“We bishops are pastors, we’re not politicians,” said Archbishop Kurtz’s predecessor at the USCC, New York Archbishop Timothy Dolan, in February 2012. Nonetheless, the USCC has long supported and lobbied for the welfare-state agenda of the Democratic Party, and the bishops and their NGOs receive over a billion dollars a year in federal taxpayer funding as part of that agenda.
In December 2012, Cardinal Dolan told the president on Meet the Press that America’s Catholic bishops were “some of your greatest supporters,” and went on to say that the bishops want to be Obama’s “cheerleaders.” The subject at hand was Obamacare, but their support for Obama’s social agenda goes much further. In spite of the administration’s relentless attacks on religious liberty, and advocacy of abortion, the bishops’ lobbyists continue consistently to support the administration’s policies on such issues as immigration, welfare spending, and foreign aid.
Shortly after Trump announced his candidacy in 2015, Cardinal Dolan attacked his “virulent strain” of “nativism.” On the other side of the ledger, however, we find no record of the bishops’ conference or its leaders condemning the prolific race-baiters inside and outside of the Obama Administration and the Clinton campaign — and only a few statements about abortion or attacks on marriage.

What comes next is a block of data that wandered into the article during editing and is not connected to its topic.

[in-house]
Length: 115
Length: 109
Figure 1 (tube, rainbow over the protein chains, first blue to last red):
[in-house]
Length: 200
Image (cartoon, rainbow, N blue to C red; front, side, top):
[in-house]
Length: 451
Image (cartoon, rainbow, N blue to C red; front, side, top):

Admittedly, our bishops are in a very precarious position. Legal challenges abound regarding the independence of Catholic institutions, especially those receiving government funding. If the bishops publicly confront the reality that whites might not be the only racists on the planet, they will undoubtedly provoke the Democrats, who will not be slow in seeking retribution.
Moreover, in the short term, such an admission would undoubtedly be interpreted as a tacit endorsement, however tentative, of Donald Trump — who has promised to end the government programs for harboring illegal aliens, programs from which the bishops, their dioceses, and their NGOs receive tens of millions of dollars a year in taxpayer funding.
So answering the simple question, “Can only whites be racists?” might not be so easy as it sounds. Like many church documents, the 1979 pastoral letter on racism was several years in the making. Those were tumultuous years for Catholics, as historian James Hitchcock has ably recounted. But instead of correcting the pastoral’s profound errors in these more sensible times, America’s next generation of bishops actually commemorated the pastoral letter 25 years later without changing a word.
According to the July 21 news release, “The task force’s work will conclude with the USCCB’s fall general meeting in November, at which time it will report on its activities and recommendations for future work.”
The task force’s first order of business must be to confront and correct the errors of their 1979 pastoral letter. It is past time that our bishops abandon their simplistic and politicized position that racism is a “whites only” privilege.